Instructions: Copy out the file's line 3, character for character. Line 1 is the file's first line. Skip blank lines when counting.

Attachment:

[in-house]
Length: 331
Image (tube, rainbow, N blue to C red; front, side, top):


Image (tube, rainbow, N blue to C red; front, side, top):